32GB of public domain Royal Society articles now available

18,592 public domain (i.e. pre-1923) scientific papers from the Philosophical Transactions of the Royal Society are now available for anyone to download.

An extract from the README:

[…]

Several years ago I came into possession, through rather boring and

lawful means, of a large collection of JSTOR documents.

These particular documents are the historic back archives of the

Philosophical Transactions of the Royal Society — a prestigious

scientific journal with a history extending back to the 1600s.

The portion of the collection included in this archive, ones published

prior to 1923 and therefore obviously in the public domain, total some

18,592 papers and 33 gigabytes of data.

The documents are part of the shared heritage of all mankind,

and are rightfully in the public domain, but they are not available

freely. Instead the articles are available at $19 each–for one month’s

viewing, by one person, on one computer. It’s a steal. From you.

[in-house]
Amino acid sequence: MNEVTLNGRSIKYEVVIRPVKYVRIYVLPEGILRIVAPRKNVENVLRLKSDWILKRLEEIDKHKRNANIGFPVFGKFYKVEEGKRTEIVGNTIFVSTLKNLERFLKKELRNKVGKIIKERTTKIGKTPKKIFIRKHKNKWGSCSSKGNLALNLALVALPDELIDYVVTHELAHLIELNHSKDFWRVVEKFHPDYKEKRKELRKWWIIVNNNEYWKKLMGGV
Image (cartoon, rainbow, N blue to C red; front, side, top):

When I received these documents I had grand plans of uploading them to

Wikipedia’s sister site for reference works, Wikisource — where they

could be tightly interlinked with Wikipedia, providing interesting

historical context to the encyclopedia articles. For example, Uranus

was discovered in 1781 by William Herschel; why not take a look at

the paper where he originally disclosed his discovery? (Or one of the

several follow on publications about its satellites, or the dozens of

other papers he authored?)

But I soon found the reality of the situation to be less than appealing:

publishing the documents freely was likely to bring frivolous litigation

from the publishers.

[…]

—Greg Maxwell, July 20th 2011.


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